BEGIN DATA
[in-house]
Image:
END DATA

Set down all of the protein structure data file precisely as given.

[in-house]
Image: